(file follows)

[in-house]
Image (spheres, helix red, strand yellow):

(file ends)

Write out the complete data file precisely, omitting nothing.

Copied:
[in-house]
Image (spheres, helix red, strand yellow):